Wednesday, September 26, 2007

UAW Takes Care Of Itself In Deal With GM

It was a strike that was suppose to be about job security, but it looks more like a self-serving plan for the UAW. The AP is reporting on a tentative settlement to the 2-day-old strike against GM by union workers. "The two sides gave no other details, but a person briefed on the contract told The Associated Press that it also would give workers bonuses and lump-sum payments and would pay newly hired workers at lower rates." "GM and the UAW confirmed that the deal creates a GM-funded, UAW-run trust to administer retiree health care."

So the union is going to take charge of a retiree health care plan which GM funds. GM will reportedly shift about $51 billion of its unfunded liability for the retiree benefits to the UAW and contribute $36 billion to fund the trust. The union will be responsible for investing that money and managing the health care plan for 340,000 GM workers. Newly-hired workers will be paid less to deal with a $25-per-hour disparity between what GM labor costs compared to its Japanese-owned competitors, while wages for current workers will remain the same. Bonuses or lump sum payments will be offered to those workers in lieu of annual pay raises over the next four years. Looks like a long-term solution to me. Or not.


Anonymous said...

Shades of Jimmy Hoffa!!!!!
Would you trust the UAW with $36 Billion????????????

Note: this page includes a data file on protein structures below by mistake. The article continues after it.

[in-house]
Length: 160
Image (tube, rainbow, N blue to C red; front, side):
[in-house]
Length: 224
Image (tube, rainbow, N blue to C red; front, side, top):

Sir Hailstone said...

That's what I said 7:34

Anonymous said...

I think this is a pretty genius move on GM's part. That way when the Union squanders all the money on BS perks it won't be GM's fault. I just hope all my family that're retired from GM are gone by the time the money runs out.

Anonymous said...

You jerks obviously don't know much about the modern-day UAW. I know it's easy to bash unions, but...this is a good deal. The UAW may be more efficient than GM, business-wise. Not that it's saying much...

This is a brilliant move--for all concerned. It's been in the works for two years. Do you really believe a huge health care trust could be created and shifted overnight?

To gauge the effectiveness of this plan you only have to look at the Japanese markets--where Nissan tumbled today and the Nippon press is awash with stories about this. Finally, the health care burden is partially, or fully, removed form GM's direct obligation.

Health care costs have become huge business liabilities. In the name of global competitiveness, we need national health care now.

Anonymous said...

I was with you until you got to the national health care bit. Socialized health care isn't working anywhere else why would it work here?

And I'm pro-union, and also willing to say that unions are a big chunk of why the big 3 are losing (or have lost) their competitive edge.